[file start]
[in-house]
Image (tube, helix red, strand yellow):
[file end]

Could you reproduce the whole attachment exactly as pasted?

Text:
[in-house]
Image (tube, helix red, strand yellow):